Thursday, August 21, 2014
Inquirer Daily News

Reading may be fundamental, but report says writing beats test stress

A recent study finds that high school and college students who write for a period of 10 minutes before taking an exam do remarkably better than students who don't.

Reading may be fundamental, but report says writing beats test stress

Since at a young age, I loved to write. Poetry, short stories, songs, haikus, if I could write it, I would. It was therapeutic. It was certainly a stress-reliever. So, imagine my surprise, when I stumbled upon a recent study that found that high school and college students who write for a period of 10 minutes before taking an exam do remarkably better than students who don't.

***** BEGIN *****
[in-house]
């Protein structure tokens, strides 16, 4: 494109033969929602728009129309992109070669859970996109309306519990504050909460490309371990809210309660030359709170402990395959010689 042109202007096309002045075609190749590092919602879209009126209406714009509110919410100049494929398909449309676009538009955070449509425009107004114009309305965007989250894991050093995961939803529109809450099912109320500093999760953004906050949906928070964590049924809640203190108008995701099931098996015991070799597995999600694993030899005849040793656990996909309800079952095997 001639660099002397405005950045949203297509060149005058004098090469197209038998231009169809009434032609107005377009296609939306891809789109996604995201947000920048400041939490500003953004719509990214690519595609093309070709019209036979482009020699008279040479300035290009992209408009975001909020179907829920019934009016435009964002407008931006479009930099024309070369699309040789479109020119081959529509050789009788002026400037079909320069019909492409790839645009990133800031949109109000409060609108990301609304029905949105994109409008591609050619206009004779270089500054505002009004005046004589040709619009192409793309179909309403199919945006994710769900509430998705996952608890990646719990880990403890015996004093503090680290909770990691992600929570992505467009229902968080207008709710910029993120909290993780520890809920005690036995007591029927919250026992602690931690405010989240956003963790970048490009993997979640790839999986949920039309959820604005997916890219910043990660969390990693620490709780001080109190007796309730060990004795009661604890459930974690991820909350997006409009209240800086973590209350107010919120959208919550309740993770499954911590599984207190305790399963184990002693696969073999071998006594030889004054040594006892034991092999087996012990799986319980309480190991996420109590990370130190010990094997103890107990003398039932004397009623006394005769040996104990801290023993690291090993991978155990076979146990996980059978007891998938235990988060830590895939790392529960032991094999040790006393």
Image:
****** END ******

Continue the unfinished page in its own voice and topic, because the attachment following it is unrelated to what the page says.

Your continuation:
Are you serious? So, they mean to tell me that all the poor marks I received on tests while in school could have been avoided had I jotted down some words before taking them?  

The study, released last Thursday by a team of University of Chicago psychological scientists, had half a class of freshmen facing their first final exams to write down their concerns about the upcoming test while other students journaled about an unrelated topic.

Those who wrote about their stress scored as well or better than those who didn't. The researchers repeated the experiment a year later with the same results.

 

The idea is to clear the working memory — sort of a mental scratch pad in the brain — of worries that interfere with the cognitive resources needed for the task at hand, reported the Chicago Tribune who wrote about the study last week.

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